DP: Both are possible. At Schlumberger we have an active “tech and field” recruiting program that allows people perhaps more interested in working in R&D but wishing to sample the field, to do so in a formal manner. The reverse is also possible. Such a program makes it possible for the choices you mention to occur. We also like to challenge our talent, and it’s quite common, when there is a capable and willing employee, to make career moves across functional boundaries. I’ve personally done that and found the challenges interesting and stimulating, regardless of them being technical, commercial, or operational.
RV: My personal philosophy is that if you are good, the opportunities will present themselves, and you must make the most of them. I think what is more important is being good at something. I’ve managed projects, but when a recession hits or the price is low, it is important to have a solid technical foundation to fall back on. Personally I believe a mix of R&D and operations in one’s career is more enriching, as it enables you to understand each other’s drivers and needs. If one is set on the manager track, then I would still advocate a mixed career to establish perspective within the organization—how work gets done—and understand how to bring people together from varied backgrounds, interests, motives, etc., to deliver on a project.
Is it possible for YPs to become involved in R&D early in their careers? Is a PhD mandatory?
DP: There is no reason for this not to be possible. The Schlumberger “tech and field” program is partly designed with this in mind. Another possibility for one’s involvement is championing the introduction of new technologies. For a research career, it’s true that a PhD is often the preferred path, but this is not always the case.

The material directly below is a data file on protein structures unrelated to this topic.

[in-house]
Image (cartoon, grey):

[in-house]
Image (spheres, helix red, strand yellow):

RV: I think having a PhD helps in the sense that an engineer or scientist has already demonstrated his interest in R&D. And for many R&D groups, it is a way to screen candidates for jobs in R&D. However, a PhD is by no means mandatory. In fact, two out of three of my line managers do not have PhDs. The best way to get involved in R&D early is through internships with companies, even before you have graduated. While already in a company, attend R&D seminars, do your own personal reading, attend conferences like those of SPE, network with people in R&D, request a mentor who is in R&D, and express a desire to work in an R&D environment or project into your annual or long-term plan.